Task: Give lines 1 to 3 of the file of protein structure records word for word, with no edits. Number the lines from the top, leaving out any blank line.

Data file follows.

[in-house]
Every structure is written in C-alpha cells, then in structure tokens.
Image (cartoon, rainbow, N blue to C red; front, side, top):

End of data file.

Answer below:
[in-house]
Every structure is written in C-alpha cells, then in structure tokens.
Image (cartoon, rainbow, N blue to C red; front, side, top):